I have not had a problem with shelf life of shellac that I've gotten in a long time. I did get some dry shellac about thirty years ago that would not dissolve, but since then I've been getting it from better sources, I guess.

The best method I know of mixing shellac is the 'tea bag'. Put your shellac flakes on a piece of cloth, such as T-shirt material, and tie it up into a bag with some wire. Suspend the bag near the top of a tall jar by bending the wire over the rim, and fill it with alcohol to part way up the bag. The dissolved shellac will fall to the bottom of the jar, pushing the less dense solvent to the top where it can dissolve some more. The resulting circulation does the stirring for you, and you never get a lump at the bottom. Anything that won't dissolve stays in the bag. This is particularly nice if you're using seedlac: the wax particles are too big to get out of the bag (so long as you don't squeeze it) and stat there, along with the dirt, bark, and bug parts. You end up with filtered de-waxed shellac in one swell foop.

Patrick Hanna
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Re: Shellac flakes slow to dissolve

Post by Patrick Hanna »

Wow! You people are the best. Just the sort of speculation and discussion I hoped to receive. Thank you for giving me lots of food for thought. I live in central Missouri, USA, so the humidity does get freakishly high here at times. However, even in the worst summers, my shop never gets above about 60+%--never as high as 65. This is because the shop is in one of my air conditioner zones. In the absolute most bitter winters with the boilers running full time, it will get a bit below 40% in the shop. So, humidity swings might be the culprit. I don't strive to keep the shop at 45% year round. I just quit building when the humidity gets too high. Tomorrow I will buy some fresh alcohol and try another mix. In fact, I REALLY like Alan's tea bag suggestion, so I might try that in a separate jar. I will also try the "thin film on glass" drying test to see what happens. This could take a while, as I am preparing for a one week vacation. But stay tuned. I will report back. Many thanks to all.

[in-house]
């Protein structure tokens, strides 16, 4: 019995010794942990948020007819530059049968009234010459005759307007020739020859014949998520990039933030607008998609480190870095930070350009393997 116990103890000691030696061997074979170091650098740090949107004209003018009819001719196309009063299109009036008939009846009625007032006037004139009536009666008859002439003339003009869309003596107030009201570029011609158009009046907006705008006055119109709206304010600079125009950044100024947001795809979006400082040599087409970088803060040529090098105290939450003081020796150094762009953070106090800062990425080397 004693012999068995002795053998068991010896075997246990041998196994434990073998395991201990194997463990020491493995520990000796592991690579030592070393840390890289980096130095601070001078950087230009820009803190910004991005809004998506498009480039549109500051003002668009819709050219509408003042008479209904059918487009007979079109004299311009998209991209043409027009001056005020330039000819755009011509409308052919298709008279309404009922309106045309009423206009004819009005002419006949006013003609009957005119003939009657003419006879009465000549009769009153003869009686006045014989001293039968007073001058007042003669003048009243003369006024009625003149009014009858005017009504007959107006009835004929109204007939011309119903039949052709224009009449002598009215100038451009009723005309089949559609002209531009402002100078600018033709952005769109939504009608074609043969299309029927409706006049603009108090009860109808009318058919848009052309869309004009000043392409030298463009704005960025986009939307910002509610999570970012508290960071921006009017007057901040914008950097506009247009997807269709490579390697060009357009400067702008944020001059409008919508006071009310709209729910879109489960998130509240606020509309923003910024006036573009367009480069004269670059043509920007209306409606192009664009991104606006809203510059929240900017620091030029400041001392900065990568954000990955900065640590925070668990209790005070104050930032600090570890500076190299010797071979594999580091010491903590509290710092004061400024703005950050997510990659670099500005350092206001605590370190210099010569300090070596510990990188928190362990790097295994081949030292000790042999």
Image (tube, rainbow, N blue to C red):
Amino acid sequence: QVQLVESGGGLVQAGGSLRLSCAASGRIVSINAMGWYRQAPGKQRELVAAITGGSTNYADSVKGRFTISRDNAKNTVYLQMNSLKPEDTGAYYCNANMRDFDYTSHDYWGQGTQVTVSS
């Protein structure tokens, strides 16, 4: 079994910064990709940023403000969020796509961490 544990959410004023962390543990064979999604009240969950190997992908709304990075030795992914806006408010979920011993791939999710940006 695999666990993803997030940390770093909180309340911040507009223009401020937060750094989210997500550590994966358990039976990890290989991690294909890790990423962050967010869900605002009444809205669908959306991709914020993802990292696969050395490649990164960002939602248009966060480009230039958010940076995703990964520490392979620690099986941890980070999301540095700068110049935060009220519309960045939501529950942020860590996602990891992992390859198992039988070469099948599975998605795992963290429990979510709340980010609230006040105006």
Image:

Patrick Hanna
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Re: Shellac flakes slow to dissolve

Post by Patrick Hanna »

Hey, Guys, I just had an afterthought:
My alcohol was a fairly new can (maybe three months old) and it's still about 3/4 full, but I DID use it for some metal cleaning in my garage earlier this summer. Thus, there is the possibility of moisture creeping in. Further, it was denatured alcohol, because...well...that's what the label on the shellac flakes specify as a solvent. What do you guys think of using a fresh bottle of rubbing alcohol for my new batch, instead?

Thanks to all,
Patrick

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Bob Gramann
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Re: Shellac flakes slow to dissolve

Post by Bob Gramann »

The rubbing alcohol is either 70% isopropol or 70% ethyl alcohol. That's way too much water for good shellac. Pure ethyl alcohol will quickly go to 95% when it has a chance to suck water out of the atmosphere. That's why Everclear is 190 proof and why it makes no sense to buy anhydrous alcohol for shellac--it will be 95% instead of 100% very quickly. I use Everclear or a competing brand of 190 proof grain alcohol from the liquor store. It doesn't have the objectionable odor of the denatured stuff and I don't worry about being poisoned by the denaturant. 95% works fine for me.